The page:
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24 Exposures

Fantasia Festival Review


POP Films; 77 Minutes

Director: Joe Swanberg


Written by on August 8, 2013 




In trying to think of what contemporary American director supposedly has the most interest in what it is exactly that gets people off (at least outside the realm of straight-up pornography), the name Joe Swanberg would certainly ring at least a few bells. This couldn’t be more apparent than in his newest feature, 24 Exposures, which serves as a companion piece of sorts to Autoerotic, the prior collaboration with the horror duo Adam Wingard and Simon Barrett — a combination of their sensibilities, in that it took the interests in relationship drama of one to the comically grotesque points of the other.

Even with the writing and acting help of his two aforementioned friends, it’s unmistakably Swanberg’s. The typical style, ranging from real-time to ellipsis; seemingly detailed compositions of living to mise-en-scène scrubbed blank; and emotionally “naked” close-ups of faces to bodies observed through technological prisms is always essentially attempting to get at the timeless as well as that which is distinctly of the 21st century.

This time, Swanberg’s reliably brisk runtime charts two narrative strands: a fetish photographer, Billy (Wingard, who probably has the precise facial hair for a pervert of his nature), specializing in gruesome murder simulations; and a cop, Michael (Barrett), the latter investigating the death of one of the former’s models. Both men have specific troubles with women: Billy manipulates them for titillation — even outside the confines of his job — his interests including making his girlfriend, Alex (Caroline White), and new model, Callie (Sophia Takal) ,take part in a threesome, while going out of his way to recruit new women for his pleasure, including an abused waitress, Rebecca (Helen Rogers). Michael, on the other hand, seems a perpetual sad-sack, coming off a break-up and unable to catch anything resembling a break of his own, to the point in one scene that he’s basically asking a series of people to solve the murder case for him.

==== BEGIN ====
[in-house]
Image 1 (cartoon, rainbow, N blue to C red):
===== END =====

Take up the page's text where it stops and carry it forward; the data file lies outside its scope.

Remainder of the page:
So 24 Exposures is a film about Swanberg’s friends wrapped under a loose genre seal. That, alone, is the kind of quickie indie brushed off with maybe not-too-unfound accusations of navel-gazing, yet when giving its creator at least the benefit of generosity, considering what he wants to say to the degree of ignoring the missing sheen of a supposed “real movie,” questions we ask ourselves can be found in the ones he posits himself.

Though Swanberg can’t be anyone other than Swanberg, even when supposedly doing a genre exercise — in this particular case, its influences being a late-’80s/ early-’90s erotic thriller, even if the only real aesthetic mark of that which it bears is in its winkingly heavy-handed score. (It still doesn’t like the usual ’80s parody signifier of the saxophone solo, for what that matters.) Yet this plays to his strengths: that he’s there, movie after movie, chiselling away at the same subject with the same set of tools, even if they, on the initial glance, seem to be veering toward something more particular but unearned.